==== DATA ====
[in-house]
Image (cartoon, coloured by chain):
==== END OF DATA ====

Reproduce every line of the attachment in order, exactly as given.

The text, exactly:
[in-house]
Image (cartoon, coloured by chain):